Objective: To assess the current status of operative training for otolaryngology specialist registrars in the United Kingdom.
Design: Web-based questionnaire survey.
Participants: All otolaryngology specialist registrars in the United Kingdom.
Main outcome measures: The overall satisfaction with operative training was assessed as wellas the number of operations performed and level of competency in stage-specific procedures, as defined by the Joint Committee for Higher Specialist Training.
Results: Otolaryngology specialist registrars are generally satisfied with the quality of their operative training. The most important predictive factor of satisfaction with operative training was the number of theatre sessions per week. The vast majority of registrars (92 per centby the end of year one, 73 per cent at the end of years two to four) appear to attain all the stage-appropriate surgical competencies during the first four years. However, with respect to the last two years of registrar training, only 26 per cent can perform all the designated (complex) procedures. There are no significant differences between deaneries or geographic regions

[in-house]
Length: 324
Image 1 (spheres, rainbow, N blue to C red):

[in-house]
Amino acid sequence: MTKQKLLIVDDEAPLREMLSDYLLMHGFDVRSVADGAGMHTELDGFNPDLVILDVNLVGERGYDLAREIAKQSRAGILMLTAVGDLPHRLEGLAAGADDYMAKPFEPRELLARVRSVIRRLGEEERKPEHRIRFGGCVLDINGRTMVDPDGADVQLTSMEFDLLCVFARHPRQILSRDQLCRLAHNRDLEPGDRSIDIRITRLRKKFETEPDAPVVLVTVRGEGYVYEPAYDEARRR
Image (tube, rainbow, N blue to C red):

in the overall satisfaction rates, number of operative sessions, number of operations performedor operative competencies attained.
Conclusion: It appears that the Specialist Advisory Committee (SAC) is generally successful in maintaining common operative training standards and providing a homogenous training environment. During the first four years registrars attain an appropriate level of general training while the last two years are mainly devoted to subspecialty interests.